Adherents of theosophy, the esoteric philosophy popular at the turn of the 20th century, believed that science and religion could be reconciled, and here, in this 1920 book, the renowned spiritualist Charles W. Leadbeater, a leader of theosophical thought, examines the Catholic Mass from a theosophical perspective, demonstrating how the rites and rituals of the Eucharist, Baptism, Holy Orders, and the other sacraments harness a mystical magic that unites worshippers in one divine spirit.
Drawing on both traditional spiritual belief about the power at work during the Mass and modern concepts of a paranormal connection between the corporeal and the otherworldly, this is a work that will intrigue those of great faith as well as students of comparative mythology.
British author Charles Webster Leadbeater (1854-1934), was ordained as an Anglican priest, but later joined the prominent Theosophical Society and traveled to India to study alternative spiritual and occult practices, eventually settling into his life as a clairvoyant and author.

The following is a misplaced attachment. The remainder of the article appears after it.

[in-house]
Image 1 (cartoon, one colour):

Charles Webster Leadbeater (1847-1934), was Church of England clergyman until he joined the Theosophical Society in 1883. He spent some years in Sri Lanka working for the revival of Buddhism, and later became the Presiding Bishop of the Liberal Catholic Church, which seeks to combine the preservation of the Catholic sacraments with the widest measure of freedom of thought and interpretation of the scriptures. He was a highly developed clairvoyant and the author of over thirty books on the spiritual life and on the psychic nature of man. He unfolded and perfected his own psychic faculties under the guidance of his Adept teacher and in 1893 began his clairvoyant investigations, on occasion collaborating with Annie Besant, the second President of the Theosophical Society. His worldwide lectures presented a new viewpoint to thousands of people.